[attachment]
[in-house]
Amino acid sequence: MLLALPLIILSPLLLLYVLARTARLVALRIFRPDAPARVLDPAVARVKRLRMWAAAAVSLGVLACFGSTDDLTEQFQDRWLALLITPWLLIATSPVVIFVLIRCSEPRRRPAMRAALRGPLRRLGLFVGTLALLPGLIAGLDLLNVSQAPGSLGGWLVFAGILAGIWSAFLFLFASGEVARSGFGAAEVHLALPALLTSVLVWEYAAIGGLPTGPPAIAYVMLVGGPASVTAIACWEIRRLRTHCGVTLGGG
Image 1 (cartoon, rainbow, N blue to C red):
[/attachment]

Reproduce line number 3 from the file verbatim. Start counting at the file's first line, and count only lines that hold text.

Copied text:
Image 1 (cartoon, rainbow, N blue to C red):